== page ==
• @LibrarianE13 you do have to create an account, but you should be able to use Twitter creds to do it. in reply to LibrarianE13 #
  • @LibrarianE13 yes, but you can read most folk's Twitter posts in FF, so you can usually just check FF and get most content there. in reply to LibrarianE13 #
  • Listening to the CityLife folks talk about mobile apps for cities – gov't info on your iPhone! Cool stuff #nagw2010 #
  • LOVE! The casino night dealers at #nagw2010 are giving out extra chips if you show them your library card! Sweet!! #
  • Getting ready for @mollydotcom to do her keynote, Building the Matrix: The Emerging Open Web # nagw2010 #
  • Flickr.com/groups/nagw2010 – flickr pics of the con. #
  • Innovation is disruptive and means that you constantly live in a state of change #nagw2010 #
  • Why HTML5? lots of reactions from Twitter show mixed feelings about the standard. #nagw2010 #
  • Open Web = dedication to open standards; open talk encouraged; use of non-open tech should be unobtrusive; web as app platform #nagw2010 #
  • Open web = browsers have baseline of standards; competition occurs on other layers #nagw2010 #
  • Universality – not writing for desktops but for a wide range of devices #nagw2010 #
  • Open source and open standards are complimentary, but not the same thing. #nagw2010 #
  • Open web tech stack – similar to MVC concept – document, style, behavior and the media above that. #nagw2010 #
  • Sum up – web masters are now software engineers; HTML5 is cornerstone of W3C lang for apps; pro skillset bar is being raised. #nagw2010 #
  • Get involved, bring the change, force the hand of browser manufacturers – we as web workers have the power. #nagw2010 #
  • My takeaway from this keynote? Shit. I have to bone up on HTML5. I've barely scratched the surface. #
  • @booksheaf you are welcome! I'm glad they are useful for someone else!! in reply to booksheaf #
  • @dullroar thanks! That helps!! in reply to dullroar #
  • On I70 doing 0mph. Ugh. #
  • Another 0mph stretch of I70. This one's near New Florence. Can't tell what the holdup is yet. #

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The week in Tweets

  • @nengard FriendFeed in reply to nengard #
  • I am a command line ninja! Successfully repaired the Drupal database without leaving my chair. Yeah for putty & command line skillz!! #
  • I'm reading The Grand Design (Hawking) and quantum physics are blowing my mind. I start to understand why @zorpheous is so warped… ;) #
  • That's "I start to understand why @xorpheous is so warped". My bad… #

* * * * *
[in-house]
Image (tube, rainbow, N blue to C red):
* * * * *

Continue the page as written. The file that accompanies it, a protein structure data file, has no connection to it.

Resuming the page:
• @xorpheous so I'm learning… space-time is warped, why wouldn't you be??? in reply to xorpheous #
  • Okay I'm totally dictating this tweet on my iPad using the free Dragon dictation program. This rocks. I am living in the future. #
  • My to-do list is long and has already been derailed this morn by a MySQL issue. An hour into my day and I'm just now starting it… Boo! #

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links for 2010-09-16

The week in Tweets

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links for 2010-09-09

Blogging for work

Blogging

I’ve found myself, more than once, sitting in front of my computer at work, desperately trying to come up with a topic, an idea – anything – that would be appropriate to blog about for the library’s blog. I’m sure those of you who blog for an organization have felt the same futile search for topics that are both interesting and relevant to your organizations. I’m doing something about it this year! Starting in January, my library’s blog will revolve around an editorial calendar that will also provide content for our Twitter, Facebook and other social networking sites.
The editorial calendar is created from the events and “special days” of the library. I’ve put out a call to the staff to let me know of events and programs they are working on for next year so that I can come up with 12 themes to base my posts upon. Each month, I’ll focus on the event or special occasion and work that theme into the majority of my blog posts. Of course, that won’t work for everything that needs to be posted over the course of the year, but it will give me a starting point when I’m staring at that blank editing box in WordPress.